## Tuesday, August 8, 2017

### The brightest crayon in the shed

People are always telling me that I am not just the brightest crayon in the shed. But which crayon is?

The yellow crayon screams out "Pick Me! Pick Me!"

Well, white is the logical answer, but yellow is pretty darn close to white in terms of brightness. And a very bright yellow can also be very saturated. In this sense, yellow is kind of an anomaly in the color kingdom. All other colors, when they get saturated (color scientist use the term high chroma), get darker.

Why is yellow such a gosh darn bright color?

Munsell agrees

I am not just making up this "yellow is a bright color" thing. Munsell agrees with me, as we can see from the Munsell color pages below, where I have circled (or ellipsed in some cases) the most saturated colors on each page of constant hue.

A selection of Munsell plates with constant hue

Some preliminary stuff

I will explain why yellow is such a gosh darn bright color, but first, I need to get some fundamentals in place.

The Cohans

Those of you who are fans of my blog (I think there are currently seven of you, worldwide) will no doubt remember a stirring blog post I wrote about the cones in the eye. The image below is a recap of the exciting opening premise of that blog, suggesting that the eye has three types of color sensors, and that they are red, green, and blue.

I looked deep into her eyes,
and suddenly and inexplicably found myself hungry for H
aagen Dazs

The excitement generated at the start of the blog post was short-lived. The whole point of the post was that the colors of the cones in the eye were not quite as black-and-white as the first guess of red, green, and blue. But, if you are taking the final exam for Color Theory 101, then red, green, and blue is the correct answer. Red/green/blue is also suitable for our purposes.

Definition of eight basic colors

The RGB Cohans in the eye (not to be confused with G. M. Cohan, who was red, white, and blue) lead to a simple explanation of the eight basic colors in Color Theory 101. This is all based on a lie, but it is a useful lie. If the red cone is the only cone that sees the light, then the color we will perceive is red. Similarly, if the incoming light stimulates only the green cones, then we see green. And guess what? If it is only the blue cones, then we see blue. I bet you had already guessed that one.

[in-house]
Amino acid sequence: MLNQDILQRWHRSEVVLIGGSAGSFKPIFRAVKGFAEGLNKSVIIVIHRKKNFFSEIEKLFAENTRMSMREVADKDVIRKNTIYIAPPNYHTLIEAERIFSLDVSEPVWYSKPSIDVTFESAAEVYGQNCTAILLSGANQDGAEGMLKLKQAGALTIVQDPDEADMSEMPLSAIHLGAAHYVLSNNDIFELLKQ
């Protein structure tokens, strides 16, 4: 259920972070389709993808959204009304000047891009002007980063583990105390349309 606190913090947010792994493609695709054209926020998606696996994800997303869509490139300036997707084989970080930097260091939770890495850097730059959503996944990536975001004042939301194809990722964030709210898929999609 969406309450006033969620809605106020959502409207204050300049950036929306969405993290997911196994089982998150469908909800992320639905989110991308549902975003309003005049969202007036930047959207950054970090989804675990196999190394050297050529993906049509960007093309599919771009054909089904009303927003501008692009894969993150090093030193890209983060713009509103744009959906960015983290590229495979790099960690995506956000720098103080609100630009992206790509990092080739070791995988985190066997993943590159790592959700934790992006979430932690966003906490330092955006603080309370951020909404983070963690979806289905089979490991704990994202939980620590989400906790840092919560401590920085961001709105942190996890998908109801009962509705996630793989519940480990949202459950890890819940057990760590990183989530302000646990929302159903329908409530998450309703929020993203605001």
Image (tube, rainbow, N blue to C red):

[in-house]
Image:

How about combinations? If red and blue cones are activated (but not the green cones) then we see magenta. If the activated cones are the blue and green ones (but not the red), then we see cyan. Finally, if blue is left out and the red and green cones get all the attention, then we see yellow.

I said finally, but really I didn't mean finally, since there are two more combinations. We see black when all the cones are inactive, and white when all three are activated.

The table below summarizes the cone responses to each of the eight basic colors in the RGB color system.

 Color Red cones? Green cones? Blue cones? Black No No No Red Yes No No Green No Yes No Blue No No Yes Yellow Yes Yes No Magenta Yes No Yes Cyan No Yes Yes White Yes Yes Yes

Oh... I forgot to mention... these eight colors are all the strongest colors. The cells in the table above that have "No" in them mean "zero light", and the ones with "Yes" in them mean full intensity. There are a zillion combinations where the amount of light captured by the three cones is somewhere between full on and full off. These are not the strongest colors.

The importance of the lightness channel

There is a famous experiment -- very famous, everyone has heard of it -- where an ace was flashed on a screen for an instant. If that instant is really small, then the subjects had no trouble identifying the object as the ace of spades. But if they slowed it down so that the ace stayed on the screen for just a little longer, people got all kinda cornfoozled. When the researcher extended the time just a bit more, then the subjects could readily understand that they were being shown a red ace of spades. (For those who did not grow up in a casino, the ace of spades is supposed to be black, not red.)